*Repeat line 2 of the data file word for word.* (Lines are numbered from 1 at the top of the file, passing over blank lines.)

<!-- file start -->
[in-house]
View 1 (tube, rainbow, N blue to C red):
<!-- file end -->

View 1 (tube, rainbow, N blue to C red):